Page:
Sir George Young, the Tory MP who once said the homeless were "the people you step over coming out of the Opera House", could not have been more wrong.
On Wednesday, homeless and ex-homeless performers will take their final bow on the main stage of the Royal Opera House after a successful run of Francis Poulenc's Dialogues des Carmélites. Sir George's remarks, no thanks to him, will have changed many lives for the better.
Members of the Streetwise Opera charity have performed beside long-term unemployed Londoners, students from the Central School of Speech and Drama, and ex-prisoners from the Synergy Theatre Project during a two-week residency at Covent Garden. "When you have been invisible and then you stand up and people look at you with respect and love, it's a very powerful feeling" said Germaine, a member of Streetwise Opera.
The 60-year-old joined the group four years ago after being cast out from her family home with her partner. "We felt quite abandoned," she says. "My husband, who has since died, was on the streets and I was sofa-surfing. It was the lowest ebb of our life." She has now found accommodation in Lambeth, south London, and said that attending Streetwise made her feel empowered. "When I'm on stage I sometimes think 'you all used to spit and laugh at me'," she says. "But now, when I look at where I am, I have a sense of pride – that feel-good factor."
Matt Peacock first assembled Streetwise Opera 14 years ago after discussing Sir George's comments with residents at The Passage homeless shelter in Victoria, London. "One of the residents read out that quote from a newspaper and it got everyone chatting," he says. "Some thought it was a typical view – looking down upon homeless people – but when we saw it, we thought it was an opportunity to change people's attitudes."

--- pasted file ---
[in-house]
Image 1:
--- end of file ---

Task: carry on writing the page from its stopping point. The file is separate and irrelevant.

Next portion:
Streetwise Opera now tours the UK and has performed in theatres such as the Almeida in north London and the Sage Gateshead. According to Mr Peacock, simply engaging with a new activity can help people who have been homeless restore their dignity and purpose.
Tyrone Paul, 37, became a member of the Dialogues des Carmélites cast through the London-based Synergy Theatre Project. The east Londoner, who served five years in prison after becoming embroiled in a fight, said that opera has given him a new emotional outlet and a clean slate.
"The audience also has no idea about my history, they accept me as a performer, the same as the professionals next to me," he says. "It's exhilarating, as soon as curtain goes up, I just become a part of it."
Robert Carsen's production of Dialogues des Carmélites is set to music conducted by Sir Simon Rattle, and depicts the violent upheaval of the French Revolution. A spokesperson for the Opera House said: "Dialogues des Carmélites is a powerful story, made more raw by such a stripped back mass of people. The performers showed huge commitment to the work they were doing – many people have left the auditorium in tears."